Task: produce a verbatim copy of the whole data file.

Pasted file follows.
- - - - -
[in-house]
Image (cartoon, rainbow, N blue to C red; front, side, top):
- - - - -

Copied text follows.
[in-house]
Image (cartoon, rainbow, N blue to C red; front, side, top):